College of Humanities and Social Sciences

Thalia Goldstein, PhD

Assistant Professor, Department of Psychology
Education

PhD, Developmental Psychology, Boston College

Key Interests
Child Development | Pretend Play | Embodiment | Imagination | Empathy | Social Cognition | Theatre and Drama | Theory of Mind | Social Skills

Research Focus

My work focuses on children’s developing social and emotional skills, particularly how they think about other people, empathy, and their emotional control and regulation. We particularly look at how such skills intersect with children’s engagement in pretend play, theatre, drama, and other imaginative activities. Our work spans various age groups, from preschool through high school ages.

Social skills are critically important for children’s health, wellbeing, academic success, friendships and later relationships. Determining the best ways to positively foster these skills is a key way to foster children’s positive development. In addition, children are naturally engaged in pretend play and the imaginative arts, and therefore also determining the outcomes from these activities can help researchers, teachers, and parents determine how to encourage and work with children’s natural imaginative inclinations.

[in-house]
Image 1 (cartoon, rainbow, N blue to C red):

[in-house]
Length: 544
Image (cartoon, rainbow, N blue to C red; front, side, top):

Current Projects

■ Embodiment in Pretend Play: How do different levels and types of physical engagement in pretend play affect how 3-5-year old children learn and understand information?

■ Embodiment in Acting: How do different levels of embodiment and perspective taking while engaging acting change 9-year-olds emotional understanding and theory of mind?

■ Teaching Acting: We’re conducting a large-scale qualitative analysis of acting teachers’ classroom strategies to see what social and emotional skills are being taught, implicitly and explicitly, through acting classes at the high school level.

■ Marching Band and Intergroup Contact: We’re looking at whether marching band may be a particularly good environment to foster positive types of intergroup contact between different racial and ethnic groups.

Select Publications

T. R. Goldstein & K. Alperson, Dancing bears and talking toasters: a content analysis of supernatural elements in children’s media. Psychology of Popular Media (2019).

T. R. Goldstein & M. Lerner, Dramatic pretend play games uniquely improve emotional control in young children. Developmental Science 21(4), e12603 (2018).

T. R. Goldstein et al., The arts as a venue for developmental science: realizing a latent opportunity. Child Development 88, 1505-1512 (2017).

T. R. Goldstein & J. Woolley, Ho! Ho! Who? Parent promotion of belief in and live encounters with Santa Claus. Cognitive Development 39, 113-137 (2016).

 


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